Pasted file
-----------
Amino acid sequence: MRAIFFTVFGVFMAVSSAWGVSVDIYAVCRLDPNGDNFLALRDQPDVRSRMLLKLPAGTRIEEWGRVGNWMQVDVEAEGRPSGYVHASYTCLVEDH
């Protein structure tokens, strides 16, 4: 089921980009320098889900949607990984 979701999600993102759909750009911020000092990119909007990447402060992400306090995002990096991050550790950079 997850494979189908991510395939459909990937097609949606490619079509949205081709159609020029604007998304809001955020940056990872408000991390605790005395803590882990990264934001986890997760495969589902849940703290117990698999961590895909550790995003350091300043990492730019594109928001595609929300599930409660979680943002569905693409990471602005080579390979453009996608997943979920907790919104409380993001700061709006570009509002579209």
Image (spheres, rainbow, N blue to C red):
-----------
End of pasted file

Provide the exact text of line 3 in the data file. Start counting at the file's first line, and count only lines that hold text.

Image (spheres, rainbow, N blue to C red):